Old English burg, burh "a dwelling or dwellings within a fortified enclosure," from Proto-Germanic *burgs "hill fort, fortress" (source also of Old Frisian burich "castle, city," Old Norse borg "wall, castle," Old High German burg, buruc "fortified place, citadel," German Burg "castle," Gothic baurgs "city"), which Watkins derives from from PIE root *bhergh- (2) "high," with derivatives referring to hills, hill forts, and fortified elevations.
In German and Old Norse, chiefly as "fortress, castle;" in Gothic, "town, civic community." Meaning shifted in Old English from "fortress," to "fortified town," then simply "town" (16c., especially one possessing municipal organization or sending representatives to Parliament). In some U.S. states (originally Pennsylvania, 1718) often an incorporated town; in Alaska, however, it is the equivalent of a county. As one of the five administrative divisions of New York City, it dates from the consolidation of 1898; in London, its use dates from the London Government Act of 1899.
The Scottish form is burgh. The Old English dative singular byrig survives in many place names as -bury.
prehistoric stone tower of the Scottish Highland and isles, 1650s, from Scottish English broch, from Old Norse borg "castle," cognate with Old English burh (see borough).
"suburb," late 15c. (early 15c. fabour), from Old French forsbourc, faubourg (12c.) "suburbs, outskirts," literally "that which is outside the town," from fors "outside" (from Latin foris; see foreign) + bourc "town" (a word of Frankish origin cognate with English borough). Altered in French by folk-etymology to faux bourg "false town" (suburbs were seen as inauthentic).
The unetymological -l- is perhaps from influence of Latin latro "thief" (see larceny). Middle English had burgur (c. 1200), from Old French burgeor, burgur, also housbreker (c. 1400). Burglar-alarm is by 1840.
c. 1200, from Old French cite "town, city" (10c., Modern French cité), from earlier citet, from Latin civitatem (nominative civitas; in Late Latin sometimes citatem) originally "citizenship, condition or rights of a citizen, membership in the community," later "community of citizens, state, commonwealth" (used, for instance of the Gaulish tribes), from civis "townsman," from PIE root *kei- (1) "to lie," also forming words for "bed, couch," and with a secondary sense of "beloved, dear."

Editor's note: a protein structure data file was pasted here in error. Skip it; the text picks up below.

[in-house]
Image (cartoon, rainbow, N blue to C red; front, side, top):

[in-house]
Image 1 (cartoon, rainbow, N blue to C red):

Now "a large and important town," but originally in early Middle English a walled town, a capital or cathedral town. Distinction from town is early 14c. OED calls it "Not a native designation, but app[arently] at first a somewhat grandiose title, used instead of the OE. burh"(see borough).
Between Latin and English the sense was transferred from the inhabitants to the place. The Latin word for "city" was urbs, but a resident was civis. Civitas seems to have replaced urbs as Rome (the ultimate urbs) lost its prestige. Loss of Latin -v- is regular in French in some situations (compare alleger from alleviare; neige from nivea; jeune from juvenis. A different sound evolution from the Latin word yielded Italian citta, Catalan ciutat, Spanish ciudad, Portuguese cidade.
London is the city from 1550s. As an adjective, "pertaining to a city, urban," from c. 1300. City hall "chief municipal offices" is first recorded 1670s; to fight city hall is 1913, American English. City slicker "a smart and plausible rogue, of a kind usu. found in cities" [OED] is first recorded 1916 (see slick (adj.)). City limits is from 1825.
The newspaper city-editor, who superintends the collection and publication of local news, is from 1834, American English; hence city desk attested from 1878. Inner city first attested 1968.